gms | German Medical Science

GMS Hygiene and Infection Control

Deutsche Gesellschaft für Krankenhaushygiene (DGKH)

ISSN 2196-5226

Is there a link between COVID-19 and cutaneous hyperesthesia? Confirmation of a recent observation

Cutane Hyperästhesie bei COVID-19 Infektion? Bestätigung eines kürzlichen Fallberichts

Letter to the Editor

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  • corresponding author Igor Alexander Harsch - Department of Internal Medicine II, Thuringia Clinic Saalfeld “Georgius Agricola”, Saalfeld/Saale, Germany
  • Irina Atudorei - Department of Dermatology, Thuringia Clinic “Georgius Agricola”, Saalfeld/Saale, Germany
  • Kathrin Frank - Department of Dermatology, Thuringia Clinic “Georgius Agricola”, Saalfeld/Saale, Germany

GMS Hyg Infect Control 2021;16:Doc01

doi: 10.3205/dgkh000372, urn:nbn:de:0183-dgkh0003721

Veröffentlicht: 12. Januar 2021

© 2021 Harsch et al.
Dieser Artikel ist ein Open-Access-Artikel und steht unter den Lizenzbedingungen der Creative Commons Attribution 4.0 License (Namensnennung). Lizenz-Angaben siehe

Dear Editor,

One of the first neurological symptoms of a COVID-19 infection that has been frequently described is the loss of smell and taste. A large number of neurological problems following the infection have been reported to date [1]. As the duration of the pandemic and the number of infections increases, reports of rarer complications, possibly in connection with the disease, are also being published, for which an etiopathological connection to COVID-19 infection has not been proven, but for which the close temporal relationship nevertheless suggests causality. Cutaneous hyperesthesia was only recently reported in two patients. Krajewski et al. [2] reported on two 40-year-old patients in whom this phenomenon had occurred in immediate temporal relationship to a COVID-19 infection and lasted for about 10 days. One patient was, however, also treated with diclofenac and azithromycin.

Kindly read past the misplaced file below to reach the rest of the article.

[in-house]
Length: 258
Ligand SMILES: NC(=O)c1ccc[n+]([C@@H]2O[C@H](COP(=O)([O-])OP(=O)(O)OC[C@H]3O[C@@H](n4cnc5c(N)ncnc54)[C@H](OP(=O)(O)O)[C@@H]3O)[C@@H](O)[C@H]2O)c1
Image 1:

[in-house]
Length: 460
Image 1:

We describe the case of a 69-year-old female patient with a moderate [3] COVID-19 infection according to the NIH definition, who was admitted to our clinic in November 2020 and in whom the phenomenon of considerable cutaneous hypersensitivity occurred on the day of admission, especially in the abdomen and legs. Any form of touch intensified this sensation. Further neurological examination showed no pathology. Cutaneous inspection revealed no signs of shingles or other abnormalities. The patient suffered from hypertension and dyslipidemia, prior and ongoing treatment (for several years) consisted of Amlodipin, Bisoprolol, Ramipril and Simvastatin. To rule out other possible reasons for hyperesthesia, we measured the Hba1c (5.7 %) and the Vitamin B 12 level (714 ng/l, normal range 197–866 ng/l), both of which were within the normal range. The hypersensitivity spontaneously resolved 8 days later. The timeline of this symptom in our case is thus comparable to the timespan reported by Krajewski et al. [2].

This symptom seems to be rare; at the time of submission of the manuscript, 105 patients with COVID-19 infection had been treated in our clinic; no patient had previously reported this symptom. However, in more severe courses of the disease, this pathology may have been disregarded. The two cases previously reported [2] also seem to meet the NIH criteria for a “moderate” COVID-19 infection. It remains to be observed whether further case reports will be published in this regard, which would allow cutaneous hypersensitivity to be assigned to COVID-19 infection with greater certainty.


Competing interests

The authors declare that they have no competing interests.


There was no financial support.

Patient’s consent

The patient gave informed consent to the reporting of her case.


Ellul MA, Benjamin L, Singh B, Lant S, Michael BD, Easton A, Kneen R, Defres S, Sejvar J, Solomon T. Neurological associations of COVID-19. Lancet Neurol. 2020 Sep;19(9):767-783. DOI: 10.1016/S1474-4422(20)30221-0 Externer Link
Krajewski PK, Szepietowski JC, Maj J. Cutaneous hyperesthesia: A novel manifestation of COVID-19. Brain Behav Immun. 2020 Jul;87:188. DOI: 10.1016/j.bbi.2020.05.064 Externer Link
National Institute of Health. COVID-19 Treatment Guidelines: Clinical Presentation of People with SARS-CoV-2 Infection. Last Updated: October 9, 2020. Availabe from: Externer Link